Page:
The dicrotic notch is a prominent and distinctive feature of the pressure waveform in the central arteries. It is universally used to demarcate the end of systole and the beginning of diastole in these arteries. Despite its importance clinically, no physical mechanism for the formation of the dicrotic notch has been demonstrated convincingly. We first explore a mechanism based on the reflection of a backward wavefront from the aortic valve at the time of closure. This hypothesis is rejected on the basis of experimental evidence from measurements made in dogs. A new hypothesis is presented involving the acceleration of the aortic valve apparatus at the time of valve closure. This hypothesis is supported by new calculations of the acceleration of the aortic valve apparatus during the cardiac cycle based on computed tomography scans in man.
      Citation: Proceedings of the Institution of Mechanical Engineers, Part H: Journal of Engineering in Medicine
      PubDate: 2020-05-14T06:27:00Z
      DOI: 10.1177/0954411920921628
       
  • The modified arterial reservoir: An update with consideration of
           asymptotic pressure (P∞) and zero-flow pressure (Pzf)
    • Authors: Alun D Hughes, Kim H Parker
      Abstract: Proceedings of the Institution of Mechanical Engineers, Part H: Journal of Engineering in Medicine, Ahead of Print.
      This article describes the modified arterial reservoir in detail. The modified arterial reservoir makes explicit the wave nature of both reservoir (Pres) and excess pressure (Pxs). The mathematical derivation and methods for estimating Pres in the absence of flow velocity data are described. There is also discussion of zero-flow pressure (Pzf), the pressure at which flow through the circulation ceases; its relationship to asymptotic pressure (P∞) estimated by the reservoir model; and the physiological interpretation of Pzf . A systematic review and meta-analysis provides evidence that Pzf differs from mean circulatory filling pressure.
      Citation: Proceedings of the Institution of Mechanical Engineers, Part H: Journal of Engineering in Medicine
      PubDate: 2020-05-05T11:25:09Z
      DOI: 10.1177/0954411920917557
       
  • Design of an integrated model for diagnosis and classification of
           pediatric acute leukemia using machine learning
    • Authors: Ehsan Fathi, Mustafa Jahangoshai Rezaee, Reza Tavakkoli-Moghaddam, Azra Alizadeh, Aynaz Montazer
      First page: 1051
      Abstract: Proceedings of the Institution of Mechanical Engineers, Part H: Journal of Engineering in Medicine, Ahead of Print.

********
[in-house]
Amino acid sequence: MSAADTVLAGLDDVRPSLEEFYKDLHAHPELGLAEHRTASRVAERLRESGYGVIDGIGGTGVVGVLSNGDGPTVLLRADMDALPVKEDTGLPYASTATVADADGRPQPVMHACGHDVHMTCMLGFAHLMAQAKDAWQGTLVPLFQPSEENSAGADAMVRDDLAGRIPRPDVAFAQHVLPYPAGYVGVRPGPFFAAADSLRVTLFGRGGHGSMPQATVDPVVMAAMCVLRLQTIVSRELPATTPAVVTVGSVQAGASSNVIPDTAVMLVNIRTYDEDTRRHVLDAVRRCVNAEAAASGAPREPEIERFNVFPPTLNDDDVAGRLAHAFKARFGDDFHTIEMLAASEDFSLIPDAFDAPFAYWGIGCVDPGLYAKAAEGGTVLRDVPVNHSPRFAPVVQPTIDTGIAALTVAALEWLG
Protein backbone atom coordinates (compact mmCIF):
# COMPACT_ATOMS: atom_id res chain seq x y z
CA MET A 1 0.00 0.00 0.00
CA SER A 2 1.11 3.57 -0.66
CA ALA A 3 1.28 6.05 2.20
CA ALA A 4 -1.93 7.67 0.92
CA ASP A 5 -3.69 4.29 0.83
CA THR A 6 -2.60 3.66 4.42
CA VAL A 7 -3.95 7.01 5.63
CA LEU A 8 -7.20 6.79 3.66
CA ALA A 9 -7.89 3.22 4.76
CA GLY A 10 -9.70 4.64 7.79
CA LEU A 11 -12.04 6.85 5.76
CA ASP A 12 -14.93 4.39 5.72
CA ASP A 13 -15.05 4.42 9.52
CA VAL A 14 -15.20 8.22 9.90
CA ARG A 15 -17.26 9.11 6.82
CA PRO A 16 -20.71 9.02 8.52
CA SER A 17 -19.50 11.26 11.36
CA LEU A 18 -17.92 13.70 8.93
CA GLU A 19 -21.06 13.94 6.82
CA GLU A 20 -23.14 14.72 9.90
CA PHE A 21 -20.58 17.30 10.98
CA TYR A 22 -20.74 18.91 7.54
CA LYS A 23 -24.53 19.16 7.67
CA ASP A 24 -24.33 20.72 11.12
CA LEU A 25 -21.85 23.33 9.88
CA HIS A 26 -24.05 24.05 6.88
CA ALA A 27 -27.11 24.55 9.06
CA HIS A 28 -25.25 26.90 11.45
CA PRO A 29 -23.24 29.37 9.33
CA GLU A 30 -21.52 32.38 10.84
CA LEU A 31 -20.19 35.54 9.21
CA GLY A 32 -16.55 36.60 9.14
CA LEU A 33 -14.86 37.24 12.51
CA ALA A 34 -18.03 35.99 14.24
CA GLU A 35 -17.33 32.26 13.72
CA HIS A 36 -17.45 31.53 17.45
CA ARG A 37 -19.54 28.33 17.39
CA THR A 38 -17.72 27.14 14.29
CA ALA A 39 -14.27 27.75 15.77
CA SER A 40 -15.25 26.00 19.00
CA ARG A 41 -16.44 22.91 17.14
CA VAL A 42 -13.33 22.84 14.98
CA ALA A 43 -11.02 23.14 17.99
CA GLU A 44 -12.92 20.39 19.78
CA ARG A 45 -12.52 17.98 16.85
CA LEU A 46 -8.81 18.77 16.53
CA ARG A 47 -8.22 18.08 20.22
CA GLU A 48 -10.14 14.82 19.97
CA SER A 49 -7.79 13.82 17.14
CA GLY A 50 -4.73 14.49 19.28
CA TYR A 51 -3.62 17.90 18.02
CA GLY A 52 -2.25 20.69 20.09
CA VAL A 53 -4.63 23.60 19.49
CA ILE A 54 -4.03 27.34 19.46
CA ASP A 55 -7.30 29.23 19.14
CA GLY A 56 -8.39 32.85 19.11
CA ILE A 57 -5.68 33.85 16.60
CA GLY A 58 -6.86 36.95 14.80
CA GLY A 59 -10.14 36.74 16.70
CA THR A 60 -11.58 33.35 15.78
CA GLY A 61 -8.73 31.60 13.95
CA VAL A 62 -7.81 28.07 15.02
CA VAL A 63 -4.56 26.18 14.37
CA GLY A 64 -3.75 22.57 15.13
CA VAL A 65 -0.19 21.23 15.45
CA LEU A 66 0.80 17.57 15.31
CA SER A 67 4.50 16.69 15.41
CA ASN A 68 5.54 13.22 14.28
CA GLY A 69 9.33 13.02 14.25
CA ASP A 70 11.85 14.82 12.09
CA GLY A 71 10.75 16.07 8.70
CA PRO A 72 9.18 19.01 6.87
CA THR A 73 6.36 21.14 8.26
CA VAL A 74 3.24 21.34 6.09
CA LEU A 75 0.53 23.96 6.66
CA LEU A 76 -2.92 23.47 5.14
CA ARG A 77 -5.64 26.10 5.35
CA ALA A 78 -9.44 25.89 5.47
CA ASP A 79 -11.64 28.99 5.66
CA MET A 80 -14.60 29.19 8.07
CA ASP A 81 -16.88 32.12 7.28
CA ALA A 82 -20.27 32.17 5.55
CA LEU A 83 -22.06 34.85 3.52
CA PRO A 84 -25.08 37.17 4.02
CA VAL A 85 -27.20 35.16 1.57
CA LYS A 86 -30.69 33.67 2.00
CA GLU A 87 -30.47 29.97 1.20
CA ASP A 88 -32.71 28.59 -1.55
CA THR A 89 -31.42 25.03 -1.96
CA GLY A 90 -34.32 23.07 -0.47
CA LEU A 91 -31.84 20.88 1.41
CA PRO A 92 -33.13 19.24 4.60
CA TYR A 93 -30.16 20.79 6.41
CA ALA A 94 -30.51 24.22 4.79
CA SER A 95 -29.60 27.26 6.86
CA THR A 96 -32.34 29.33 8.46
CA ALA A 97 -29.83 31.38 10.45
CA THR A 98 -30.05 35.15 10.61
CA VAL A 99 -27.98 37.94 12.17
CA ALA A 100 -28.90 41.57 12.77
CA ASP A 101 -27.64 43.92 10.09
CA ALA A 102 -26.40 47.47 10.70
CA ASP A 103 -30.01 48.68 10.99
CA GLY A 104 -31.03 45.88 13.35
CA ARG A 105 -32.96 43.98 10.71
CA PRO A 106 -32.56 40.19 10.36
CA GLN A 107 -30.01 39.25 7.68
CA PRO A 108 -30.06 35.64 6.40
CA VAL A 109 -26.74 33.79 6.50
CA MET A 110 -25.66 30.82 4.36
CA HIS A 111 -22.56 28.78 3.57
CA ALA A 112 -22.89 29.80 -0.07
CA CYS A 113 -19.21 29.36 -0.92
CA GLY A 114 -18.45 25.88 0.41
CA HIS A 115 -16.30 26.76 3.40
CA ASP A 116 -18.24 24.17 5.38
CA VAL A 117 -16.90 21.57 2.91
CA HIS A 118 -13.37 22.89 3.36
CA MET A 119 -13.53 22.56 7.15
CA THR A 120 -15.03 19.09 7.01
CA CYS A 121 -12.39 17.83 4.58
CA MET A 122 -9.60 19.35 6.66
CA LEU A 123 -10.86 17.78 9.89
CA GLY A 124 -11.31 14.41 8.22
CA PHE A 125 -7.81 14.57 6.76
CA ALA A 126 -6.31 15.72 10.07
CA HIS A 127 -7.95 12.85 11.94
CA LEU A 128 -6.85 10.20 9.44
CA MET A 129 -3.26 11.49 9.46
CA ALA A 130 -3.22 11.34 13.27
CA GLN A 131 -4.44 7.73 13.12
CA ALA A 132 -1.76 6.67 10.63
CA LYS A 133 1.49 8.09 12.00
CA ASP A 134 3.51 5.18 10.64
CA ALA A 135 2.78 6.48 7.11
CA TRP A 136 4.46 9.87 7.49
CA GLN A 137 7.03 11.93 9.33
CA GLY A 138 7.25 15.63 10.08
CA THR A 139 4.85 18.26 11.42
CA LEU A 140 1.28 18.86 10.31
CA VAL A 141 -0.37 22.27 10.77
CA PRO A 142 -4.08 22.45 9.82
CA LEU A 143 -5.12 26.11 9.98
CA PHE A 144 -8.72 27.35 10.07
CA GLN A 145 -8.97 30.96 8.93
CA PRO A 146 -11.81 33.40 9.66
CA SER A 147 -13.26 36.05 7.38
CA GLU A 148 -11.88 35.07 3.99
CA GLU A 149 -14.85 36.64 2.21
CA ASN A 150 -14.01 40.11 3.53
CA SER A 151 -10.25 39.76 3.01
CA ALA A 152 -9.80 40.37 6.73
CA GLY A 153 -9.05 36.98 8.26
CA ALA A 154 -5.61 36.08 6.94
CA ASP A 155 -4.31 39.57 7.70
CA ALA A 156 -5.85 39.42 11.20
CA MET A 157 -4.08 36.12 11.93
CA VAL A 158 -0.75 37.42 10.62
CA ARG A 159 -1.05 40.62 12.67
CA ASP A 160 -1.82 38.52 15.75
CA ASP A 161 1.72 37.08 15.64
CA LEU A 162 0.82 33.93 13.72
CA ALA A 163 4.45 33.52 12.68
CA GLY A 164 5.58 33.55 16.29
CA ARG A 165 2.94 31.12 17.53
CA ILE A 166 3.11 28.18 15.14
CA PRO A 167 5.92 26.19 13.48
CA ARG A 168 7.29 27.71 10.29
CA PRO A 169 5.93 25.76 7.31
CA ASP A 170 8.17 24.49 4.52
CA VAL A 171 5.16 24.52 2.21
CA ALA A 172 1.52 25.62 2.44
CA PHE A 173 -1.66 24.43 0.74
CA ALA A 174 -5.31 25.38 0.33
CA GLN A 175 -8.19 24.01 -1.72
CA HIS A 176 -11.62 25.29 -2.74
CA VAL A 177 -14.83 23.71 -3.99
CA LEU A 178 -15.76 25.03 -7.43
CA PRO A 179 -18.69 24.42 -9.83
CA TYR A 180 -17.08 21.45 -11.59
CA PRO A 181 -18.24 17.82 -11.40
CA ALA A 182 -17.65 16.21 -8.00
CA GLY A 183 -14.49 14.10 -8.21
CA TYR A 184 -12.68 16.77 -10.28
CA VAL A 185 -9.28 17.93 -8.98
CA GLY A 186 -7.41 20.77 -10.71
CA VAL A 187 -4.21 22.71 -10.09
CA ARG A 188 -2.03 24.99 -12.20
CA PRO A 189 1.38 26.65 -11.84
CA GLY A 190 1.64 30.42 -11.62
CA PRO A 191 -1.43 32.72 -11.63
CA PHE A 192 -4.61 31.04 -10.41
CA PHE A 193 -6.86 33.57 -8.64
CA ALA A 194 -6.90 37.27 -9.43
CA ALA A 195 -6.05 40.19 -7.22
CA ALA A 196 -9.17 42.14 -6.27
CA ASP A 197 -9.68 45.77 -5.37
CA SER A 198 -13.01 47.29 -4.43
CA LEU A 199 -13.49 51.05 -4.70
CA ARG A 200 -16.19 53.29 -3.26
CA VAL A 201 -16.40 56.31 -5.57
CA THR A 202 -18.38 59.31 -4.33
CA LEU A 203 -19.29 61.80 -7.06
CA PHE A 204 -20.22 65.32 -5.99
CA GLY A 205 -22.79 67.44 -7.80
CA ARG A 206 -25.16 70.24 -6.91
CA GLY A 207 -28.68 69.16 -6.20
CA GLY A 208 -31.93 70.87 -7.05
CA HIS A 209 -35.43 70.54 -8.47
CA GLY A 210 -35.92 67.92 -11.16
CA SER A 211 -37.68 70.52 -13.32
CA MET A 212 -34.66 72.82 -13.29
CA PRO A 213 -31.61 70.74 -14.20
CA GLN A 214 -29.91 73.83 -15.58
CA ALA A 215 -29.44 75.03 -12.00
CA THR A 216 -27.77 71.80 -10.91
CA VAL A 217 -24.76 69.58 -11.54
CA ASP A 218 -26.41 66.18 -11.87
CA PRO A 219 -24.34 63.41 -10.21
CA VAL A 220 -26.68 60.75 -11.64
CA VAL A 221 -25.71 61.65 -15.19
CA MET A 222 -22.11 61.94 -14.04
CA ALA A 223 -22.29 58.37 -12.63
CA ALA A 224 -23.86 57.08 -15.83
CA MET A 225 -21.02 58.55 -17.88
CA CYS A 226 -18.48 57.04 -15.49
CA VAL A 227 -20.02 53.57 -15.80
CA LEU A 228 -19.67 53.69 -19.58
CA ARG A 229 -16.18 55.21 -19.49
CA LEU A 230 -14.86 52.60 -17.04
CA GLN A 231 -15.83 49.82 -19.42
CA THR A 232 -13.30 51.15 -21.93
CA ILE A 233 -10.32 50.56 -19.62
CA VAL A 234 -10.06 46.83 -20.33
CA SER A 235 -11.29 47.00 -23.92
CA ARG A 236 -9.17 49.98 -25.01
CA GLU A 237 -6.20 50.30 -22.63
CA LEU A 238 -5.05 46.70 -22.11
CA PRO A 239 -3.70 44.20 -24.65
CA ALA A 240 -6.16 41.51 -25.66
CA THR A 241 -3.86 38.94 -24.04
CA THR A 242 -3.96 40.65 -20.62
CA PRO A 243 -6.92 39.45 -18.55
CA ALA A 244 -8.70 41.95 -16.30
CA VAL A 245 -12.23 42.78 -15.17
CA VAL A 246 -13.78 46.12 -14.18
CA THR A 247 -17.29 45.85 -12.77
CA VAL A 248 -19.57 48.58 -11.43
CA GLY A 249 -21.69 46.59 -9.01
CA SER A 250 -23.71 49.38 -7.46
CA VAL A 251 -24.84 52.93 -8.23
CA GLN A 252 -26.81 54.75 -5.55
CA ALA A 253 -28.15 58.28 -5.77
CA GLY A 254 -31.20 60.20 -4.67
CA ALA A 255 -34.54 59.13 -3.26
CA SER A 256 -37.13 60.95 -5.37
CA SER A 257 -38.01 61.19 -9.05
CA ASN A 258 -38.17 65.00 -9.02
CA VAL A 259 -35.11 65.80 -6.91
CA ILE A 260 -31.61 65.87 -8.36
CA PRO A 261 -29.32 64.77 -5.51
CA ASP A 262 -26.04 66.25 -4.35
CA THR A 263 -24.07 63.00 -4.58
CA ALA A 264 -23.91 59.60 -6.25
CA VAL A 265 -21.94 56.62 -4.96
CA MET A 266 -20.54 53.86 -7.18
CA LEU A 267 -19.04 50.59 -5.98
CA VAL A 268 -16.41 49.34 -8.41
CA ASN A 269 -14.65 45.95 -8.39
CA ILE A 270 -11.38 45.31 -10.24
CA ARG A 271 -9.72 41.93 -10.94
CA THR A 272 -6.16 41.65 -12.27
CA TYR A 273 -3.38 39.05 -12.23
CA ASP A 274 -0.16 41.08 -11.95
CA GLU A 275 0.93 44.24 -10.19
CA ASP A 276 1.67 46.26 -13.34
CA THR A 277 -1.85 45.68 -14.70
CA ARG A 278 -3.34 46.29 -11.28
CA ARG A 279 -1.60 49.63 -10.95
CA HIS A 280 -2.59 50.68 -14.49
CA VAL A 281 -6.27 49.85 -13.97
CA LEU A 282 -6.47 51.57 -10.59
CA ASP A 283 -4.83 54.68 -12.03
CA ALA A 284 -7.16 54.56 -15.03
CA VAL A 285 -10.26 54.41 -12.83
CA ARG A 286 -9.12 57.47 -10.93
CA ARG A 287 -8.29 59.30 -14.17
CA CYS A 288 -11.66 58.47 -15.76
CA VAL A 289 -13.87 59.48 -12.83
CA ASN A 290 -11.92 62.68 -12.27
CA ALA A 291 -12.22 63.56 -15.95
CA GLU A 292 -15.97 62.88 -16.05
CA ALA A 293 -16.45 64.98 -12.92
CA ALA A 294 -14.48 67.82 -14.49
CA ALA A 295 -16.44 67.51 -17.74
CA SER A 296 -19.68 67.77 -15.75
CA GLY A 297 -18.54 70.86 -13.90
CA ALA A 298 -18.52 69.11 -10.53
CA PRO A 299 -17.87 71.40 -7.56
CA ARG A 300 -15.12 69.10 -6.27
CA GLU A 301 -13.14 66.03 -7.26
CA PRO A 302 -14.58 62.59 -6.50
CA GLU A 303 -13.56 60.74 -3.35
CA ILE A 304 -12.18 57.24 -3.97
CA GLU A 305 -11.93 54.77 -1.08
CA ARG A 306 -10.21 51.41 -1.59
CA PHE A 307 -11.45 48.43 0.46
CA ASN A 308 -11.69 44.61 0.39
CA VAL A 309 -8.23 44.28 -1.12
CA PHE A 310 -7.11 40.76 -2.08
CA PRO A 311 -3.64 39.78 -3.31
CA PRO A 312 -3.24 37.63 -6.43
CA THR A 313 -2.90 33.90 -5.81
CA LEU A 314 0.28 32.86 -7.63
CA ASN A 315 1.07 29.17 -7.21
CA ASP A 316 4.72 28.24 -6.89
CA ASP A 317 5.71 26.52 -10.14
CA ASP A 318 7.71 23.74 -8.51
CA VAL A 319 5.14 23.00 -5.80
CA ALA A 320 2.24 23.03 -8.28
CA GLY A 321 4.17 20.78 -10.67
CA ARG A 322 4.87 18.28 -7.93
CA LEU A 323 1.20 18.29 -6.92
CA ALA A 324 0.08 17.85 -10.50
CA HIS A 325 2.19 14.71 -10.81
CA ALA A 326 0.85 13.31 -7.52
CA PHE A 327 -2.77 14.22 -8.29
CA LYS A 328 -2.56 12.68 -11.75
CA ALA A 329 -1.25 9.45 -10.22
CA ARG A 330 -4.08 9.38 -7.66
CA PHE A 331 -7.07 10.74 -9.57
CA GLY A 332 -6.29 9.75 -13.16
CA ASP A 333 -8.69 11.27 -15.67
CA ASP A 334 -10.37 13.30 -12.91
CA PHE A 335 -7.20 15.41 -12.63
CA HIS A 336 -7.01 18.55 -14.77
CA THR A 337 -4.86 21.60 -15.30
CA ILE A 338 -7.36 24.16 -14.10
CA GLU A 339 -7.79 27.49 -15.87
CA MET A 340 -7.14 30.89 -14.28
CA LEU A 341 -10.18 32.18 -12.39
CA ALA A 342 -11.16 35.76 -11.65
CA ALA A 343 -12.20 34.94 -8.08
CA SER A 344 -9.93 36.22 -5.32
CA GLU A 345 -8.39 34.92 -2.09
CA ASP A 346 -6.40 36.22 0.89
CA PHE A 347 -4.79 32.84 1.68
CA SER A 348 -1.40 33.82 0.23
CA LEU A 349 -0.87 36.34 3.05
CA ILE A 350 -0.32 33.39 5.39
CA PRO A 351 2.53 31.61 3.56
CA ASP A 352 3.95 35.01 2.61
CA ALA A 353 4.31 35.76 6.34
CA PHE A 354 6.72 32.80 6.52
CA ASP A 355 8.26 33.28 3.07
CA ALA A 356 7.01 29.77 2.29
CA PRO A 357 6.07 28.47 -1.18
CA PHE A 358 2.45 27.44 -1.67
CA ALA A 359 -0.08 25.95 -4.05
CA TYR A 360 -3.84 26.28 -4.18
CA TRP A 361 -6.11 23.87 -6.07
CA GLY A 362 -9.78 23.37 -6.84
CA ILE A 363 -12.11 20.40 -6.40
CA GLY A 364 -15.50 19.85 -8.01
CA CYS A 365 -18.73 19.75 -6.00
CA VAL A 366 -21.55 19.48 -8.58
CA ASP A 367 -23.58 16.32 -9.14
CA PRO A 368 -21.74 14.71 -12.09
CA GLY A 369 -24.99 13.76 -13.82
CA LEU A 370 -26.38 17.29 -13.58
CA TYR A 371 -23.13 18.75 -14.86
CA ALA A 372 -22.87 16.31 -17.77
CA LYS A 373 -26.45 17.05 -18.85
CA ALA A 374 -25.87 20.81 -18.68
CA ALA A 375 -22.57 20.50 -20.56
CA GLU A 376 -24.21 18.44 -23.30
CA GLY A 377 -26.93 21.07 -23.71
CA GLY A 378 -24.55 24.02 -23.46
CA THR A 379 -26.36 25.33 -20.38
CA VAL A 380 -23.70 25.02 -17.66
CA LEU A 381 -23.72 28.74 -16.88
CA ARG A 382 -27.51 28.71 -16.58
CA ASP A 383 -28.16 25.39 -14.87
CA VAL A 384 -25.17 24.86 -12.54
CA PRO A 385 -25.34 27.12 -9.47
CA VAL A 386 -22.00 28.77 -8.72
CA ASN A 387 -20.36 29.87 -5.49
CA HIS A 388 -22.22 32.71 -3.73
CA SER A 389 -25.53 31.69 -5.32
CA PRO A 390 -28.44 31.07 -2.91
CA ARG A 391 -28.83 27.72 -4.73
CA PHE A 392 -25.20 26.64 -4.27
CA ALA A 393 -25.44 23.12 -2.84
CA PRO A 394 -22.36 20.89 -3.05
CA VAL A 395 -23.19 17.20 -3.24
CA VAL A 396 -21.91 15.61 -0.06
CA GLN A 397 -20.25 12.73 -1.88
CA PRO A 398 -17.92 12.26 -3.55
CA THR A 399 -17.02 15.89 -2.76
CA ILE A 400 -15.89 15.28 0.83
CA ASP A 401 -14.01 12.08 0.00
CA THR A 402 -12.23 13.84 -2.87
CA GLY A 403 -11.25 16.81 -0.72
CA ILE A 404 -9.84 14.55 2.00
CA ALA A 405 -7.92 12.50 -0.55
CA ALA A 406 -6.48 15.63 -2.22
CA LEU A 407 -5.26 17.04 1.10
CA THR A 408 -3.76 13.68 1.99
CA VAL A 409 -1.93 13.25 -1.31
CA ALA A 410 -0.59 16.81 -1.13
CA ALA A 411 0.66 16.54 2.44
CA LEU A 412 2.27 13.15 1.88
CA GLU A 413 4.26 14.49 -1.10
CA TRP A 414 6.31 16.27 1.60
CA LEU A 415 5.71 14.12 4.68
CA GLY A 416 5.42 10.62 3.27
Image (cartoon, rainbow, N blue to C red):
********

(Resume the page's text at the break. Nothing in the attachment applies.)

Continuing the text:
Applying artificial intelligence techniques for diagnosing diseases in hospitals often provides advanced medical services to patients such as the diagnosis of leukemia. On the other hand, surgery and bone marrow sampling, especially in the diagnosis of childhood leukemia, are even more complex and difficult, resulting in increased human error and procedure time decreased patient satisfaction and increased costs. This study investigates the use of neuro-fuzzy and group method of data handling, for the diagnosis of acute leukemia in children based on the complete blood count test. Furthermore, a principal component analysis is applied to increase the accuracy of the diagnosis. The results show that distinguishing between patient and non-patient individuals can easily be done with adaptive neuro-fuzzy inference system, whereas for classifying between the types of diseases themselves, more pre-processing operations such as reduction of features may be needed. The proposed approach may help to distinguish between two types of leukemia including acute lymphoblastic leukemia and acute myeloid leukemia. Based on the sensitivity of the diagnosis, experts can use the proposed algorithm to help identify the disease earlier and lessen the cost.
      Citation: Proceedings of the Institution of Mechanical Engineers, Part H: Journal of Engineering in Medicine
      PubDate: 2020-07-07T09:54:14Z
      DOI: 10.1177/0954411920938567
       
  • Design and validation of a foot–ankle dynamic simulator with a
           6-degree-of-freedom parallel mechanism
    • Authors: Dongmei Wang, Wei Wang, Qinyang Guo, Guanglin Shi, Genrui Zhu, Xu Wang, Anmin Liu
      First page: 1070
      Abstract: Proceedings of the Institution of Mechanical Engineers, Part H: Journal of Engineering in Medicine, Ahead of Print.